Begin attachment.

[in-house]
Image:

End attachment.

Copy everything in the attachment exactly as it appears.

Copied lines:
[in-house]
Image: